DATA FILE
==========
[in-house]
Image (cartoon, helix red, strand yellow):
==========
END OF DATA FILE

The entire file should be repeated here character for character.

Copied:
[in-house]
Image (cartoon, helix red, strand yellow):